Nietzsche and the Burbs

Lars Iyer
Melville House ($16.99)

by Scott F. Parker

  1. Nietzsche calls to the fiction writer, the mystique of his name inclining some to invoke it (When Nietzsche Wept, Nietzsche’s Kisses) or its associations (the film The Turin Horse, The Will to Power by Elisabeth Förster-Nietzsche) in their titles. Into this company, Lars Iyer throws his Nietzsche and the Burbs.
  2. The economy of Nietzsche and the Burbs: book title, name of band formed by main characters, plot summary, all in one.
  3. Style is essence here. Minimal narration, more like a play than a novel. A few words to establish setting, then right into dialogue.
  4. So much dialogue, much of it funny, all of it smart. Still, it is possible to spend too much time listening in on teenagers—even clever ones—talk and talk and talk.
  5. I remember these characters from high school and how they appeared from where I was standing: culturally astute; dexterous with reference, allusion, and wit; brilliant and bored; cynical and sad. I didn’t hang out with them then, and I don’t want to hang out with them now. They can be impressive and entertaining, but they are simply too exhausting.
  6. Nietzsche and the Burbs is a kind of cinéma vérité too true for its own good. Like its characters, it’s a bit too clever, too showy, too ironic, too cerebral. It’s like a Linklater film without his tender delight in the stuff of life (Linklater is nothing if not an anti-nihilist).
  7. All theory, no action, the book knows what it needs: “Maybe we’ve got to play against our cynicism,” one character says. “Break through to something.” Something, yes, but what?
  8. “We need vocals . . . . We need someone to lead the songs. Some we can follow.” Nietzsche, of course. Through his character in the novel’s world as through his prose in our world, Nietzsche animates. His readers will recognize him here by more than name; Iyer’s Nietzsche taps the intensity, brilliance, and dynamism of his namesake. When we meet him, he is renouncing the assumptions of the bourgeoisie. His teacher is incredulous: “You want to get rid of the economy? What would we have in its place?” His answer, naturally, is “Life.” If you are stimulated by Nietzsche the philosopher, you’ll be stimulated by Nietzsche the suburban teenager who threatens the inertia of the suburbs and his peers whenever he speaks (or sings), which is not frequently.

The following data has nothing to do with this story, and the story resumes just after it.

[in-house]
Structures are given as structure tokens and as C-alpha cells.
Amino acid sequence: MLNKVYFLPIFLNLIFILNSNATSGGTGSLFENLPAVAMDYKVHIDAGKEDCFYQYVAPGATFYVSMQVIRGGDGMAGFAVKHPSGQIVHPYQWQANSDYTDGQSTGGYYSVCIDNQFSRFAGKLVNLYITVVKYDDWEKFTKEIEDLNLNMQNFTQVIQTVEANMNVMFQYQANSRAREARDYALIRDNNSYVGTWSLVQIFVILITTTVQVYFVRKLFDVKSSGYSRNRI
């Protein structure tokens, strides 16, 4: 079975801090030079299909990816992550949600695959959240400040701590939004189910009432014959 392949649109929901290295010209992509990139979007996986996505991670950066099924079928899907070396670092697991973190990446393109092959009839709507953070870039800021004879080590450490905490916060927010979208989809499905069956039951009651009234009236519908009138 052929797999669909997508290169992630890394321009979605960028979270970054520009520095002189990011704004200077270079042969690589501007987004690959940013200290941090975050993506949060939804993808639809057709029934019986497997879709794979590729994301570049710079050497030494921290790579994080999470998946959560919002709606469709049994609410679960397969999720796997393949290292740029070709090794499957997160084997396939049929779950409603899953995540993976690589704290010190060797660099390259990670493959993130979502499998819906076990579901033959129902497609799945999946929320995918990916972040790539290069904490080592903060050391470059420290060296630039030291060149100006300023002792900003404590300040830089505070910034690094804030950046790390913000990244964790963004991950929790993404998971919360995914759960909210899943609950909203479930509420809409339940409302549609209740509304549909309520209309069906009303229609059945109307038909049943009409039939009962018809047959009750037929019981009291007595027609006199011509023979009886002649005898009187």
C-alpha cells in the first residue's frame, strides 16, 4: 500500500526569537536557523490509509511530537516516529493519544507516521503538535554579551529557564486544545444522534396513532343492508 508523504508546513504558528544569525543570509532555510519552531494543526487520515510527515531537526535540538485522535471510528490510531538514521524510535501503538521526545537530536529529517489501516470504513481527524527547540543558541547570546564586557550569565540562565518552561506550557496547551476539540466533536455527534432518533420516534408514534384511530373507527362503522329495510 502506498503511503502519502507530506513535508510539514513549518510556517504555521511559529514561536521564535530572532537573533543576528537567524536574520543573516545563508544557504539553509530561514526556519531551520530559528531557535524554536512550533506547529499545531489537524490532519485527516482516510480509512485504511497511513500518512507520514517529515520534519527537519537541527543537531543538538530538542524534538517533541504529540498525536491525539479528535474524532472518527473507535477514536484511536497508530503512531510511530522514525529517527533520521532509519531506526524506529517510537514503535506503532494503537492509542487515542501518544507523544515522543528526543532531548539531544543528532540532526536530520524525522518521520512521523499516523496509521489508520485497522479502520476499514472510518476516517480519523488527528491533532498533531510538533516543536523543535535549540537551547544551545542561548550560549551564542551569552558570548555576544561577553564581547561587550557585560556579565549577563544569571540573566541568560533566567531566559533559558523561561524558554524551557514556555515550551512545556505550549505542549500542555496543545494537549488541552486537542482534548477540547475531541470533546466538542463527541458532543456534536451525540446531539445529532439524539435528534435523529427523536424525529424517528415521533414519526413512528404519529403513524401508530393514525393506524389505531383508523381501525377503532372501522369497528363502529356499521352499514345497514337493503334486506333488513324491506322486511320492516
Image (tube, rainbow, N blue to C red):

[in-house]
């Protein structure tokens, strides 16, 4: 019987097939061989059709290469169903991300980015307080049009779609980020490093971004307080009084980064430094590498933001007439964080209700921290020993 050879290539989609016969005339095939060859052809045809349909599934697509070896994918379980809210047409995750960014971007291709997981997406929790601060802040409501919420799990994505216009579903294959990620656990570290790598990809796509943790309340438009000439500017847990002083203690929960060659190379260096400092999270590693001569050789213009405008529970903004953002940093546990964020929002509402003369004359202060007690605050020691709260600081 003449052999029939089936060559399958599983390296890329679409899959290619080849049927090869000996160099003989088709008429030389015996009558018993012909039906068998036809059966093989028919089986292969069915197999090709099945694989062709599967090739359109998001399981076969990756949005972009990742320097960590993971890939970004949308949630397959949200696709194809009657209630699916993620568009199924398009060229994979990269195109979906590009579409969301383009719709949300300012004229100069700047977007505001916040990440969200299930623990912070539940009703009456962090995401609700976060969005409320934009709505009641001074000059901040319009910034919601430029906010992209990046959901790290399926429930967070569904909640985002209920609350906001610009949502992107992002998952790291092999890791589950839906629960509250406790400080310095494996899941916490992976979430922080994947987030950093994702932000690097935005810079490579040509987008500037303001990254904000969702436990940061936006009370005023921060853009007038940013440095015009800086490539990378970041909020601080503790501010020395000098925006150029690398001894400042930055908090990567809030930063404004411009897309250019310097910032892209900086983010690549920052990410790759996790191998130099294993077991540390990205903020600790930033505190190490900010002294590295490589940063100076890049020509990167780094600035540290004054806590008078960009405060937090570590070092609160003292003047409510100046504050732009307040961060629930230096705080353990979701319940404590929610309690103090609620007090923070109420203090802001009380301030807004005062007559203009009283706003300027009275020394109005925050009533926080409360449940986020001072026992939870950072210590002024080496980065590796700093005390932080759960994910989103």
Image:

9. The book, like the band, is lost without its frontman. Before anyone can escape the nihilism they’re all mired in, Nietzsche—and this is just one of many playful parallels with the philosopher’s biography—has a breakdown and comes to be under the care of his mother and evil sister.
  10. But nihilism. Everyone in the book keeps saying it. Nihilism. “Sounds interesting,” the narrator says. “It isn’t interesting. It’s devastating,” Nietzsche responds.
  11. It’s only right that the young Nietzsche is cast as the philosopher of the suburbs. If you can overcome nihilism in the suburbs, you can overcome it anywhere. Therefore, for one to really live, to thrive, to become, to overcome, only the suburbs will do. But if even Nietzsche can’t escape nihilism, what hope is there for a band of ironically detached teenagers? He issues his assessment of “devastating” on page eleven. In the 300-plus pages that follow, none of his peers take his claim to heart. What hope is there for readers?
  12. The book is mired in its condition. Whereas you leave an encounter with the philosopher Nietzsche feeling—feeling—his effects, you put down Nietzsche and the Burbs with a wry smile (if you like it) or eyes hurt from rolling (if you don’t). Either way, all the action is in your head, where nihilism thrives.

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